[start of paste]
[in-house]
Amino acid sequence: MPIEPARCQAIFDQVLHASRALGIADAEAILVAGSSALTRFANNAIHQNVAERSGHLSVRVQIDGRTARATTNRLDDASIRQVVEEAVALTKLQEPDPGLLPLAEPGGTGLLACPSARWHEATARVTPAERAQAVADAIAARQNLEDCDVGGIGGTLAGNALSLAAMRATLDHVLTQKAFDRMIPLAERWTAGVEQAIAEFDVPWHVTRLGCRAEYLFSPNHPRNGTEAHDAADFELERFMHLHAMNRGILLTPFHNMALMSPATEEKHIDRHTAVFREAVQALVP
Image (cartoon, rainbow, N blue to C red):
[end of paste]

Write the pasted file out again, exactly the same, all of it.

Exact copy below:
[in-house]
Amino acid sequence: MPIEPARCQAIFDQVLHASRALGIADAEAILVAGSSALTRFANNAIHQNVAERSGHLSVRVQIDGRTARATTNRLDDASIRQVVEEAVALTKLQEPDPGLLPLAEPGGTGLLACPSARWHEATARVTPAERAQAVADAIAARQNLEDCDVGGIGGTLAGNALSLAAMRATLDHVLTQKAFDRMIPLAERWTAGVEQAIAEFDVPWHVTRLGCRAEYLFSPNHPRNGTEAHDAADFELERFMHLHAMNRGILLTPFHNMALMSPATEEKHIDRHTAVFREAVQALVP
Image (cartoon, rainbow, N blue to C red):